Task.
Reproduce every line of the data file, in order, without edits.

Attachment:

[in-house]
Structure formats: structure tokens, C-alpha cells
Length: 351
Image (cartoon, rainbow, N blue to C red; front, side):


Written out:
[in-house]
Structure formats: structure tokens, C-alpha cells
Length: 351
Image (cartoon, rainbow, N blue to C red; front, side):